Energy diplomacy: Central Europe takes charge of its own destiny
SpeakerDavid J. Kostelancik (Director, Office of South Central Europe at U.S. Department of State)
Date & Time
LocationThis is a Virtual Event.
Please note that this workshop is restricted to current U-M students and registration is required. Space is limited and students are encouraged to register as soon as possible beginning March 8.
Central and Southern European countries for decades after World War II, for political and geostrategic reasons turned to the Soviet Union, and then Russia, for their energy needs – oil, gas and nuclear. The Soviet Union constructed pipelines from East to West without connecting countries from North to South, hobbling their ability to cooperate and making them dependent on Moscow. With the demise of centrally-planned economies and the accession of many of the regions’ countries into NATO and the EU, efforts have intensified to help the regions diversify energy sources, which in turn gives them greater control over their own national economic development.
The United States has been at the forefront of promoting energy diversification in Europe for 30 years. More than ever, support for diversification has focused on Central and Southern Europe, including the Three Seas Initiative (3SI), a European-led initiative launched in 2016 by EU countries between the Baltic, Adriatic, and Black Seas to promote dialogue, investment and interconnection projects in energy, transportation, and digital infrastructure.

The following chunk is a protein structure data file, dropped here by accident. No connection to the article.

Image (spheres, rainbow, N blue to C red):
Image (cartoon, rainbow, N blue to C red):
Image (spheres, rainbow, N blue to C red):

This workshop will review some history of these regions’ energy (in)dependence and students will explore how the United States and European partners can work more closely to give Central and Southern European countries greater opportunities for growth and investment and provide a stable, resilient basis for the regions’ long-term development.
David Kostelancik, a career member of the Senior Foreign Service of the United States, rank of Minister-Counselor, became the Director of the State Department’s Office of South Central Europe in August 2019. During his three years in Budapest, 2016-2019, he served one year as Deputy Chief of Mission and two years as Charge d’affaires. Other assignments include Director of the Office of Russian Affairs and Deputy of the Office of North Central Europe at the State Department, Acting Minister Counselor for Political Affairs at the U.S. Embassy in Moscow, as well as postings to the National Security Council, U.S. Mission to the OSCE, the U.S. Mission to NATO (Brussels, Belgium), the U.S. Embassy Tirana, Albania and the U.S. Embassy Ankara, Turkey.
Mr. Kostelancik received Bachelors of Arts degrees from Northwestern University in Applied Mathematics and Political Science, a Masters of Arts degree from the University of Michigan in Russian and East European Studies, and a Masters of Science degree in National Security Policy from the National Defense University. He speaks Russian, Albanian, Turkish and Hungarian.
Note: Participating students must agree to complete select readings and a brief writing assignment prior to the workshop session. More details will be provided upon registration.
This event is co-sponsored with LSA’s Center for Russian, East European & Eurasian Studies (CREES).